Certificate of Registration No 482 issued for VH-USB on 27th July 1934 was forwarded to the District Superintendent, Mascot by the Controller of Civil Aviation.
Test flight to determine fuel consumption at 15,000 feet.
Test flight to measure speed and fuel consumption.
Test flight to measure fuel consumption. It was reported in the press on this date that Smithy and P.G. Taylor had tested the Altair on a 43 mile course between Macquarie Light and Norah Head lighthouse. It was reported that a load of fuel sufficient for 2,000 miles was carried and that the aircraft reached an altitude of 15,000 feet. Press reports stated that Smithy would not divulge the maximum speed achieved.
A minute from the Senior Aircraft Inspector at Mascot to the CCA quotes centre of pressure calculations from "the stress analysis".
See more about The Stress Analysis
It was reported (The Labor Daily, Sydney 15AUG34) that the aircraft was raised by a block and tackle attached to a girder of the hangar roof and lowered to the ground "at different rates of impact" to test the ability of the undercarriage to withstand increased operating weights.
It was later reported (The Sun, Sydney 18AUG34) that during these tests a mechanic in the pilot's seat was "surprised when a klaxon horn commenced to scream a loud warning" when he retarded the throttle lever while the undercarriage was retracted.
Stannage wrote to the CCA enclosing a letter from the Dept of Commerce (dated 20 July 1934): "The Lockheed Corporation has advised this office of your cable requesting information as to whether your Lockheed Altair is eligible for a normal type certificate with normal tank capacity. The Department of Commerce files indicate that this airplane, prior to the installation of additional gas tanks and certain recently developed improvements, such as wing flaps, controllable pitch propeller, and minor changes with which you are familiar, was an approved model and carried a commercial license in this country. The wing flaps and controllable pitch propeller equipment referred to above have been tested and approved on the Lockheed Model Orion, which is similar to your Altair, with the exception that the pilot seat is forward, rather than aft. Unfortunately, unless a particular model is tested and approved with additional equipment, such as that cited herein, it is not eligible for an airworthiness certificate. However, we trust the information contained in this letter, together with the data furnished by the airplane manufacturer, may be of some assistance to you in obtaining a license for this airplane."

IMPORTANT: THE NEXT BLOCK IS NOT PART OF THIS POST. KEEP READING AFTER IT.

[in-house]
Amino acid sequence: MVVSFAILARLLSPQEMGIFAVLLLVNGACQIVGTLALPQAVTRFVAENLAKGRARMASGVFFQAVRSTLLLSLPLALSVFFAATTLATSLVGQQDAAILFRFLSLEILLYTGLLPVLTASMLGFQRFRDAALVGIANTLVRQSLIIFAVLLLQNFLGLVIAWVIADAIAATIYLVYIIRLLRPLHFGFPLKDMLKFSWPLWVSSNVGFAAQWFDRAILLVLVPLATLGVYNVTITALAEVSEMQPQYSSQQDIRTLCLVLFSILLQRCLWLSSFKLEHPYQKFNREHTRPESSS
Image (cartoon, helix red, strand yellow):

Test flight at Richmond at maximum take-off weight with 478 gallons of fuel and "42 lb of air force ballast". The aircraft took-off within 500 yards, clearing a 20 foot screen placed at 660 yards. (Source: The Daily News, Perth, 18AUG34).
The tests were conducted at RAAF Richmond because Mascot was not suitable for heavy take-offs.
Smithy and Taylor departed Mascot in a heavy rain squall bound for Melbourne but had to force land the Altair when the engine cut out at thirty feet owing to water in the carburettor. The press reported a bumpy landing near the Cook's River resulting in some sheet metal damage to the tail area.
The DSCA Mascot cabled the CCA: "Lockheed Altair departed for Melbourne 1415 today Wednesday. For information it appears dual controls rear cockpit could be easily eliminated."
Record flight Sydney to Melbourne 2 hours 25 minutes.
On this date, the President of Lockheed, Robert E. Gross, wrote a letter in reply to a telegram from Mr. Carter Tiffany of New York (believed to be an east coast representative for Lockheed) who was apparently receiving enquiries from Australia. This particularly telling, but carefully structured letter can be read here.
The aircraft was demonstrated over the city of Melbourne by Smithy with Eric Chaseling in the co-pilot's seat. This flight was originally planned for 24AUG but Smithy was struck down by influenza. P.G. Taylor was not available for the flight as he had been required to dash back to Sydney to deputise for the bed-ridden Smithy to honour a long-standing commitment to fly the Southern Cross to a fund-raising event at Crookwell on 29 August. There was nobody available at Mascot to fly the Southern Cross so Bill Purton flew down to Melbourne in a Gipsy Moth to collect P.G. Taylor who returned to Melbourne in "the Gull" (presumed to be VH-CKS, pilot unknown) in time to join Smithy on the return flight of the Altair to Sydney on 31 August.
Departed Essendon at 1432 local for Mascot. Record flight Melbourne to Sydney 2 hours 11 minutes.